FacebookTwitterGoogle+RedditEmail

Won’t You Please Get Thee Behind Me?

by BEN SONNENBERG

Even as the credits unroll, this stunning, satirical movie by Luis Buñuel shows a spot in the vast sandy desert of 6th century Syria. A procession of the halt, the lame and the blind, along with assorted churchmen, makes its way past goats and cactus. They’ve come to praise Simon Stylites Jr. (Claudio Brook, looking like an El Greco) who stands atop a pillar in an ecstasy of self-denial. Wearing nothing but a sackcloth smock, Simon’s out there in all weathers, praising the Almighty. And so it’s been, says one of the monks without a trace of irony, for 6 years, 6 months and 6 days.

The monks humbly offer Simon a new and taller pillar, the gift of a rich citizen who’s been cured by the saint of “an unspeakable disease,” probably venereal to judge from the rich man’s shame-faced look. Simon accepts, and on his way to the new pillar, one of the monks brings forward Simon’s poor old mother. She wishes to be near you, says the cleric, “until the hour of her passing,” which clearly will be soon. The Holy Man responds, “My love for you must not come between my Lord and his servant.” And so on to the brand new pillar. Once there, Simon resumes his martyrdom, praising the Almighty and praying to be worthy of Him. Now and then he eats a lettuce leaf and sips a little water, pausing on occasion to address the multitudes, to rebuke a young monk with a roving eye and to perform the odd miracle.

Buñuel makes gentle fun of Simon, never forgetting the man’s fundamental decency. He saves most of his ridicule for the Roman Catholic Church which, in his view, requires saints to reinforce its hold over the credulous. It engages in scholiastic squabbles and neglects its duty to the poor. For instance, in one scene one of the monks becomes possessed and starts cursing his religion. “Up with the apocatastasis!” he cries. “Down with the holy hypostasis! Down with the anastasis!” And finally: “Down with Jesus Christ…” Looking baffled, a second monk turns to a third monk and says, “What is the apocatastasis?” The third monk, equally baffled, just shrugs.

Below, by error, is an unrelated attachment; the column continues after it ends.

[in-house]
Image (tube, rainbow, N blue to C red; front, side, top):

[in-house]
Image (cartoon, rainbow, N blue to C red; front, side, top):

Enter the Devil (Sylvia Pinal, looking gorgeous) and the action starts heating up. Disguised as a prepubescent schoolgirl in an Edwardian sailor outfit, she skips about, rolling her hoop, flirting with Simon, praising his beard and his teeth “brushed clean with the urine of Syria.” Simon looks puzzled, as who wouldn’t be?

Then she reveals herself as the Devil by exposing her upper thigh and long garter belt. (This was one of Buñuel’s favorite ways of showing sexual arousal, whether in an innocent child or in a lubricous old man.) No longer puzzled, Simon pronounces the words, “Get thee behind me, Satan!” and transformed into a naked old hag, the Devil runs away. She vows angrily to return, and return she does, again and again, in various disguises, always to be banished by the same magic words.

The Devil wins out in the end. In Lamia mode, she sticks her tongue far into Simon’s ear, a blasphemous variation on The Annunciation, and this time the magic words don’t work. Buñuel’s depiction of Simon’s particular Hell needn’t be described, except to say that, in contrast to the rest of the movie, it’s shot entirely in close-ups and that Simon’s suffering there surely will earn him a place in the Calendar of Saints. Also, there’s a nifty joke at the end.

Simon of the Desert was Buñuel’s last Mexican movie. Though short (only 45 minutes), it is nevertheless an important work that looks magnificent, thanks to the virtuosity of its cinematographer, Gabriel Figueroa (he shot The Exterminating Angel as well). And, just as The Exterminating Angel anticipates The Discreet Charm of the Bourgeoisie, so Simon of the Desert looks forward to The Milky Way, both of them color movies made late in Buñuel’s career.